Agencies must improve the quality of federal data and present it clearly to the public, according to associate administrator.
Government transparency is a work in progress for federal agencies, a top official told a group of public and private sector executives in Washington last week.
"This is about a series of steps we have to go through in order to do it well," said David McClure, associate administrator of the Office of Citizen Services and Communications at the General Services Administration, outlining challenges to open government during an Association for Federal Information Resources Management event in Washington last Thursday, a day before the Obama administration's first deadline requiring agencies to post government data online. "It's going to be an evolutionary process."
In December 2009, the Office of Management and Budget directed agencies to publish by Jan. 22 at least three new downloadable sets of statistics that hold the government accountable, illuminate its work, share financial opportunities with the public or meet some other need citizens convey.
McClure, who has worked at the Government Accountability Office and Gartner, an IT research and advisory firm, elicited a few chuckles when he said, "I believe panic has set in, in how deadlines are announced."
In the months ahead, agencies must find ways to improve the quality of federal data and present it clearly and concisely to the public. The government also must work to foster a "two-way dialogue" with the public, McClure said.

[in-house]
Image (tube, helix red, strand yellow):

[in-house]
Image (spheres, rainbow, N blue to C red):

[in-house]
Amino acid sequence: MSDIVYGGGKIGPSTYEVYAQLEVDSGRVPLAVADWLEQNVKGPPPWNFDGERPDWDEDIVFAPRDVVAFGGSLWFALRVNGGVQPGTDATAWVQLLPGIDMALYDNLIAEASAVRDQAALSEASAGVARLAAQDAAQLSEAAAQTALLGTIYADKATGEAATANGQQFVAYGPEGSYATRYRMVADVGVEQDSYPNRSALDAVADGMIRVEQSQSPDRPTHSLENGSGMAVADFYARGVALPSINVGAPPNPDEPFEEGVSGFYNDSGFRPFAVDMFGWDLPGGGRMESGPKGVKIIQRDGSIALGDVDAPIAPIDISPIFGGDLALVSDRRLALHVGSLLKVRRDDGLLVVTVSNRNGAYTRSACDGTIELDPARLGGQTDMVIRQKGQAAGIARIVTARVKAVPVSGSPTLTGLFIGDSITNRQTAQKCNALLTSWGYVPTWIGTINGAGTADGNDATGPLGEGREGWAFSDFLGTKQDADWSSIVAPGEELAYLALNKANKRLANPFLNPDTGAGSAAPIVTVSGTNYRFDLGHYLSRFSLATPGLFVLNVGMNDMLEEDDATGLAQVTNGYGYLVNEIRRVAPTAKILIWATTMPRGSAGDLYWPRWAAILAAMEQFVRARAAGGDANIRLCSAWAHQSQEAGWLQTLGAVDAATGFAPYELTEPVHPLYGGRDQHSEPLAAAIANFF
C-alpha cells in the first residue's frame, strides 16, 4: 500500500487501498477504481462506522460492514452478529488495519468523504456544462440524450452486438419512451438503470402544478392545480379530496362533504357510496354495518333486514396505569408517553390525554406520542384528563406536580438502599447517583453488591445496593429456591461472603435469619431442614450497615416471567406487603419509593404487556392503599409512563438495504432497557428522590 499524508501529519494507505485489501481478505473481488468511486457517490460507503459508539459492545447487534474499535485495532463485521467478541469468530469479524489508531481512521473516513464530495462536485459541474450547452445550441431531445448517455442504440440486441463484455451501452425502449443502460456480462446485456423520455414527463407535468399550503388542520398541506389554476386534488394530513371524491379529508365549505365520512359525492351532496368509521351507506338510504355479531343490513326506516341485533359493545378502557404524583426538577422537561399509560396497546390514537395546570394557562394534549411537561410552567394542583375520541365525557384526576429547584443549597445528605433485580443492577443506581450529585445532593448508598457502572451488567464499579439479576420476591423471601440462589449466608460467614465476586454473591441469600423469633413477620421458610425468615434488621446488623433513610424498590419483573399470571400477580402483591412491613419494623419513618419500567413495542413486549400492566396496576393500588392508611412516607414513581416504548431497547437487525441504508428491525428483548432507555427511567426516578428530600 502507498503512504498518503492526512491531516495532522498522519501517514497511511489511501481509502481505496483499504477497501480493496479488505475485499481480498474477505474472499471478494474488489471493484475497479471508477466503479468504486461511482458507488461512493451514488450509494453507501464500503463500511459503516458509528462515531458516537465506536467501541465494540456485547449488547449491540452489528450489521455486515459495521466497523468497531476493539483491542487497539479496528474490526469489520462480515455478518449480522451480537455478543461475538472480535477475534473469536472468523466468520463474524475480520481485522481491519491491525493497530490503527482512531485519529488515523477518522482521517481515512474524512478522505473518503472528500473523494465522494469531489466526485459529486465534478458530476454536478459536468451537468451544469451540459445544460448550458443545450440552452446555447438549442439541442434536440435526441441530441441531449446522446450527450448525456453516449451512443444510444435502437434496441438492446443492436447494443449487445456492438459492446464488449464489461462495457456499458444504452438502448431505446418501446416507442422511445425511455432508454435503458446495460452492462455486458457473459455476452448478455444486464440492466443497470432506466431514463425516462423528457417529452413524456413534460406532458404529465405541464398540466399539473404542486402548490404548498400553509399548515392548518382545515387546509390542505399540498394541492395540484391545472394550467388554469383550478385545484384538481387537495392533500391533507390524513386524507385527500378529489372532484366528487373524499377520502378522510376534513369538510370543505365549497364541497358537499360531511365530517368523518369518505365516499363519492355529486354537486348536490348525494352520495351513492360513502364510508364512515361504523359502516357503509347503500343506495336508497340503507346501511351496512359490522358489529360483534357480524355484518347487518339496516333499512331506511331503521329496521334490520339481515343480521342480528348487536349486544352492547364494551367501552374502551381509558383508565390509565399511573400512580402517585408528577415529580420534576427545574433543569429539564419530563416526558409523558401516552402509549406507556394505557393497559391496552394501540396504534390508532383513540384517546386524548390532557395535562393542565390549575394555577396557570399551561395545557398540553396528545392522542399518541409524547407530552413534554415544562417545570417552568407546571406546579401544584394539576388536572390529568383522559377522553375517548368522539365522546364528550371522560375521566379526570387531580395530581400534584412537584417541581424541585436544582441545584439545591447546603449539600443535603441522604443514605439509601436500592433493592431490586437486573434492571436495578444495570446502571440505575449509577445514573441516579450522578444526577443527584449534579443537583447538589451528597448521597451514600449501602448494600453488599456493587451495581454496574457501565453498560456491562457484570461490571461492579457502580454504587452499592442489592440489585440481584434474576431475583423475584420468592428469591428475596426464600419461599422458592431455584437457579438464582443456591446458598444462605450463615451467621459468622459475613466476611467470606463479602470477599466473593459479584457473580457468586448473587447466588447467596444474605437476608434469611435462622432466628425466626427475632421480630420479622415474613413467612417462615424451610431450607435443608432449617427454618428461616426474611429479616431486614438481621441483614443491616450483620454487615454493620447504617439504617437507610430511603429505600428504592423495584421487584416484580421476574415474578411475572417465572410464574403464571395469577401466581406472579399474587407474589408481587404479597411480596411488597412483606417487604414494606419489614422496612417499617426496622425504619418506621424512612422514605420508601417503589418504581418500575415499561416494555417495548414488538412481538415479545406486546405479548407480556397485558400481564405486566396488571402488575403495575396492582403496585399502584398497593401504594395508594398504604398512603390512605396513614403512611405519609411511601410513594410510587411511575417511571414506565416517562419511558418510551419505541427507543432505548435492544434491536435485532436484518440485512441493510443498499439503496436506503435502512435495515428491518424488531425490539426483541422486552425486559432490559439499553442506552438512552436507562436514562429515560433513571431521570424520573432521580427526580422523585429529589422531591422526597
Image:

Part of establishing that dialogue could involve upgrading the technology used to communicate with the public. On Jan. 19, GSA introduced an online tool that agencies can use at no cost to create forums for the public to share ideas, provide feedback and engage in discussions. McClure said such forums will require moderators and other controls to ensure that agencies can handle the flood of input, but he added that there would be no censorship.
The greatest mistake federal agencies can make with broad citizen engagement, McClure said, is to invite mass participation, but not act on the feedback. The key to successfully implementing open government lies in how agencies sort, rank, filter and discuss feedback while keeping the public in the information loop, he said, emphasizing that managers, executives and agencies have to be plugged in to this process.
"This is not something you turn over to an IT person or policy analyst and you say, 'Good luck, have fun for the next three weeks sorting through this stuff, let me know what you find out.' This is actively trying things in collaboration," said McClure.
Agencies also must balance the tension between open government and existing policies that seek to restrict information from each other and the public, according to McClure.
The government also should think about how it casts its net when it comes to greater transparency, said Carolyn Lukensmeyer, president and founder of AmericaSpeaks, a nonpartisan group advocating for public participation in civic life. "As a federal government, most of our agencies are today watched by stakeholders -- not by the general interest public -- so if we wanted to bring these information technologies options for...real input, we have got to think about the outreach process that gets us beyond sophisticated Beltway and around the country of stakeholders."